FacebookTwitterGoogle+RedditEmail

In the Minds of the Rich, the Venezuela Poor Aren’t Even Members of Society…Guess Who’s Laughing Now

Caracas.

I never left Caracas during my 7 day trip, and residents always urged me to get out and see the natural wonders of the country. But Caracas is interesting enough for a newcomer — built in a valley surrounded by green hills, and continuing on the other side of more hills which you traverse through a tunnel on the way north to the airport on the coast.

Everywhere you go you feel the presence of the oil economy; the boom of fancy buildings of concrete, marble, and modern elevators, the bust of crumbling concrete, leaky plumbing, dirty carpets. The most impressive feature of Caracas is a clean, modern subway system which is being expanded there and replicated in other cities.

Then there is the wonder of the red brick shantytowns clinging precariously to the hillsides in and around Caracas. They say that Chavez gave the people the bricks to solidify these improvised homes, which sprang up as people from around the country gave up on the impoverishment of rural life and migrated to the big city looking for work. Chavez granted land titles to these people, who make up a large part of the 6 million inhabitants of Caracas — nearly 25% of the population of the country. He also gave them paved roads, free running water, telephone lines, and electricity at about $1.00 a month. I know because I went to one of these neighborhoods and asked them.

The elites are terrified of these folks, and extremely put out that the shanty dwellers would not only be taken into account by the government, but that they represent a permanent army encamped around the city, ready to march down from the hills at any time and defend their revolution. I truly believe that this is the primal source of the violent, irrational hatred that the opposition has for Chavez — his widespread support among the poor who, in the minds of the rich, are not even members of society and should not be playing any role except that of the silent worker or servant. You can’t avoid hearing the phrase “participatory protagonistic democracy” which is replacing “representative democracy.” Something the ruling class really fears, because it loosens the grip on power held by the economic elites.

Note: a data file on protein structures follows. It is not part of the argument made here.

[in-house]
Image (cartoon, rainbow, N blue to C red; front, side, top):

Another natural wonder is Hugo Chavez Frias himself. The humility with which he greeted his landslide victory in the referendum was impressive, as was the way in which he continued his practice of calling on the violent and intransigent opposition, on the payroll of Washington, to reflect and reconsider their positions for the sake of the country. Generous, yes, but not foolish enough to make concessions to them, or to give them any opening that would enable them to put his government in danger. He waged an astute campaign: naturalizing and registering as many people as he could to vote, closing the Colombian border, confining the police to their headquarters, and working with observers and the Electoral Board for a technologically sophisticated but secure system of voting and tabulation.

The grassroots was also mobilized in patrols — first to convince the undecided, second to get people out to vote on the 15th, and third to patrol physically to prevent provocations by the opposition. They had the help of printed materials, T-shirts, and billboards and other signs urging a NO vote, and there are a few pro-Chavez newspapers and other publications. But the strongest suit of all was the creation of social programs which are springing up all over — just the Bolivarian University system, one of four new universities founded by Chavez, will have 25,000 low-income students by the end of 2005. The patrulleros didn’t have to convince the beneficiaries of these programs to vote, and the record turnout was even more impressive when one considered the physical stress of standing in line for 6-15 hours.